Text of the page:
Rounding Up Hunters
By PETER DOWNS
It looks like the end is near for the hunting of wild game birds in the
Midwest. Predictions are the birds soon will start to disappear. And the
culprit won't be overhunting, but biotechnology.
Scientists at the Monsanto Company are hard at work on the technology to
establish crop uniformity, wiping out the weeds that support many types
of wild game. They have perfected it for corn, soybeans and cotton, and
they have programs underway to extend the technology to a dozen other crops.
The core of Monsanto's technology is glyphosate, a patented 20-plus year
old herbicide marketed under the trade name Roundup. Glyphosate is the atomic
bomb of herbicides: it kills everything. It is the best-selling herbicide
ever invented, and a cash cow for the company, accounting for 30% of Monsanto's
Facing the expiration of its patents, the company looked for some way to
tie farmers to its herbicide so they couldn't stray to a potential generic
The solution was to engineer crops that could withstand Roundup. That had
an added benefit for the company: it let farmers use more of the herbicide
each season, since they could keep spraying it to kill weeds even after
their crops had begun to sprout.
The benefit for Monsanto comes with a cost, however, a cost to the environment.
"We already have a very simplified environment in the agricultural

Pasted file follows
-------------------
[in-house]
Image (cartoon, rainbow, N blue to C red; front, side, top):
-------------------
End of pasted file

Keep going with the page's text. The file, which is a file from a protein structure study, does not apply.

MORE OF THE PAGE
heartland, but it is still weedy enough to support some wildlife,"
said Dr. Orley "Chip" Taylor, a biologist at the University of
Kansas. "If we eliminate weeds, it will not support even this limited
diversity of wildlife."
Taylor thinks hunters will be the first to cry foul. "If [Monsanto]
comes up with Roundup-resistant mill and sorghum, they will take all the
weeds out of the system that support game birds," he said. "All
you will have to do is listen to the cries of the hunters who can't find
pheasant or quail" to know that diversity in the environment is collapsing.
Other species will be affected, too. Taylor, who also is director of the
Monarch Project, a collaborative U.S.-Canadian research project on Monarch
butterflies, said Roundup-resistant corn and soybeans already pose a threat
to that butterfly.
"We have just shown that 50 percent of the Monarchs that arrive in
Mexico arrive from the agricultural heartland of the U.S.," he said.
Monarchs feed off of milkweed, which grows in corn and soybean fields. The
eradication of milkweed is one of the main marketing pegs for Roundup resistant
corn and soybeans.
Yet evidence suggests "there is not enough milkweed in pastures and
wild areas to support the number of Monarchs we see," said Taylor.
He is seeking funding to definitely determine where Monarchs feed, before
farmers plant so many acres in Roundup-resistant seeds that it decimates
the butterfly population.
The British government's wildlife advisor, English Nature, has similar concerns.
It wants to find out if more effective weed killing will decimate the song
bird population before the herbicide resistance technology floods the marketplace.
Monsanto, however, isn't waiting. Its quest for biouniformity doesn't stop
at the field's edge. In April the company announced it had agreements with
three lumber companies to develop Roundup resistant trees, so they could
wipe away weeds and noneconomic trees from forest floors. The companies
are International Paper Co., Westvaco, and Fletcher Challenge Group of New
Such research conjures up the image of a countryside that resembles a well
manicured suburban lawn: no weeds or brush, but also no birds or wild game.
Is such a countryside really desirable, let alone sustainable?
Peter Downs is a freelance writer based in St. Louis
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